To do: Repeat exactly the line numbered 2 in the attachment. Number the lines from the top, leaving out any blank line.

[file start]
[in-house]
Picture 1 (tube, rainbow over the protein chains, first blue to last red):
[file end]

Picture 1 (tube, rainbow over the protein chains, first blue to last red):